Never-ending debt: the Dutch housing market as an engine for capital accumulation
In recent years, prices in the Dutch residential real estate sector have been rising at an increasingly rapid pace. Although works in the field of economics do provide reasons why housing prices can increase in general, these theories both prove unable to explain the rate at which prices are increasing and assume the current situation in the Dutch housing market to be a natural course of business. Through the use of a theoretical framework based on regulation theory, this thesis intends to provide an alternative vision on the Dutch housing sector. Through observing the historical processes this sector has been going through, this thesis intends to show not only that the current shape of the Dutch housing sector is not necessarily a natural one, but also shows how the latest developments are hard to understand without taking the historical processes into account. Housing has been used as a means to achieve capital accumulation in varying ways, which proves to be crucial to how this sector develops. Only once housing became used as an engine for accumulation in itself prices were able to develop as they do now. This thesis shows, through the shifts in regimes of accumulation as well as modes of regulation, how this process has been developing in the Netherlands specifically, thereby illuminating processes for which some economic works prove to be too short of memory.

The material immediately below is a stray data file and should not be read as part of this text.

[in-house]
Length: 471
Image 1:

Faculteit der Managementwetenschappen